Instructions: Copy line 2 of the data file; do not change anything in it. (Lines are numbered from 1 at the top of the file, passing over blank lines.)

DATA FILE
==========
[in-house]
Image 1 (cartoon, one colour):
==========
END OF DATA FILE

Image 1 (cartoon, one colour):